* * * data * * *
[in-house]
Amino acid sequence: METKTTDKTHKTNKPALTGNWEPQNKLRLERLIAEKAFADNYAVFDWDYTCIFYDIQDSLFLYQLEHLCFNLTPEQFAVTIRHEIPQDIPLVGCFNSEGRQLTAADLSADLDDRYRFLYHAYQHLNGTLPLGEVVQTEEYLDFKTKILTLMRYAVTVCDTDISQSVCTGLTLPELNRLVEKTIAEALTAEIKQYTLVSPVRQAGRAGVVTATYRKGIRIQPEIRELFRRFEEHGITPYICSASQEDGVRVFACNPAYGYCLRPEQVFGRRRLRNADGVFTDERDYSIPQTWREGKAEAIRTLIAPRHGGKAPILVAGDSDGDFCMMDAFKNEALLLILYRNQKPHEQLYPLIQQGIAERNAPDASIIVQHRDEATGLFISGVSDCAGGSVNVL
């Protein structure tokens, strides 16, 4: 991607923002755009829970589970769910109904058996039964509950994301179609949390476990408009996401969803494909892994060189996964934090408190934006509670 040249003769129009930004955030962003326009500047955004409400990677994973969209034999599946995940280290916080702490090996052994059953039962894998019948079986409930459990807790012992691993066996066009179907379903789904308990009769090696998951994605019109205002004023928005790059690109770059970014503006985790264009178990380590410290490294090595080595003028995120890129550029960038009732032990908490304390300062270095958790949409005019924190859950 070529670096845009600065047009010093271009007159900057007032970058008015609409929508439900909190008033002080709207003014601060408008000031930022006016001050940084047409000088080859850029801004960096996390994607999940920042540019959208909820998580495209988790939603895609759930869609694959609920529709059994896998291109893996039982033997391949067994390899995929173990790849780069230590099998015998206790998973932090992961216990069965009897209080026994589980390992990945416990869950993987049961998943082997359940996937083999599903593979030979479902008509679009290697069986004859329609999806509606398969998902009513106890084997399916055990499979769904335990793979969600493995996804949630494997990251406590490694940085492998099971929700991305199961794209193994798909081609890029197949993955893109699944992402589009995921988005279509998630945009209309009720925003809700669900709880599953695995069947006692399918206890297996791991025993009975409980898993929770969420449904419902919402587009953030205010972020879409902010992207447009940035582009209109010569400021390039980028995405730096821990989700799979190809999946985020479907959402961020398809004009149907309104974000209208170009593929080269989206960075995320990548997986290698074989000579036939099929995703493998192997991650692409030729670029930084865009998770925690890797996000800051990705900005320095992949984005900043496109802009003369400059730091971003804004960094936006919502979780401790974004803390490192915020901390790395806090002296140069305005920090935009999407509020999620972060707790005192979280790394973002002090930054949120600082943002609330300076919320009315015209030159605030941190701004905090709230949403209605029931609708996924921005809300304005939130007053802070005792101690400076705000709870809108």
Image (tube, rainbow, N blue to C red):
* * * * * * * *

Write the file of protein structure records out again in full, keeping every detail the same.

[in-house]
Amino acid sequence: METKTTDKTHKTNKPALTGNWEPQNKLRLERLIAEKAFADNYAVFDWDYTCIFYDIQDSLFLYQLEHLCFNLTPEQFAVTIRHEIPQDIPLVGCFNSEGRQLTAADLSADLDDRYRFLYHAYQHLNGTLPLGEVVQTEEYLDFKTKILTLMRYAVTVCDTDISQSVCTGLTLPELNRLVEKTIAEALTAEIKQYTLVSPVRQAGRAGVVTATYRKGIRIQPEIRELFRRFEEHGITPYICSASQEDGVRVFACNPAYGYCLRPEQVFGRRRLRNADGVFTDERDYSIPQTWREGKAEAIRTLIAPRHGGKAPILVAGDSDGDFCMMDAFKNEALLLILYRNQKPHEQLYPLIQQGIAERNAPDASIIVQHRDEATGLFISGVSDCAGGSVNVL
């Protein structure tokens, strides 16, 4: 991607923002755009829970589970769910109904058996039964509950994301179609949390476990408009996401969803494909892994060189996964934090408190934006509670 040249003769129009930004955030962003326009500047955004409400990677994973969209034999599946995940280290916080702490090996052994059953039962894998019948079986409930459990807790012992691993066996066009179907379903789904308990009769090696998951994605019109205002004023928005790059690109770059970014503006985790264009178990380590410290490294090595080595003028995120890129550029960038009732032990908490304390300062270095958790949409005019924190859950 070529670096845009600065047009010093271009007159900057007032970058008015609409929508439900909190008033002080709207003014601060408008000031930022006016001050940084047409000088080859850029801004960096996390994607999940920042540019959208909820998580495209988790939603895609759930869609694959609920529709059994896998291109893996039982033997391949067994390899995929173990790849780069230590099998015998206790998973932090992961216990069965009897209080026994589980390992990945416990869950993987049961998943082997359940996937083999599903593979030979479902008509679009290697069986004859329609999806509606398969998902009513106890084997399916055990499979769904335990793979969600493995996804949630494997990251406590490694940085492998099971929700991305199961794209193994798909081609890029197949993955893109699944992402589009995921988005279509998630945009209309009720925003809700669900709880599953695995069947006692399918206890297996791991025993009975409980898993929770969420449904419902919402587009953030205010972020879409902010992207447009940035582009209109010569400021390039980028995405730096821990989700799979190809999946985020479907959402961020398809004009149907309104974000209208170009593929080269989206960075995320990548997986290698074989000579036939099929995703493998192997991650692409030729670029930084865009998770925690890797996000800051990705900005320095992949984005900043496109802009003369400059730091971003804004960094936006919502979780401790974004803390490192915020901390790395806090002296140069305005920090935009999407509020999620972060707790005192979280790394973002002090930054949120600082943002609330300076919320009315015209030159605030941190701004905090709230949403209605029931609708996924921005809300304005939130007053802070005792101690400076705000709870809108």
Image (tube, rainbow, N blue to C red):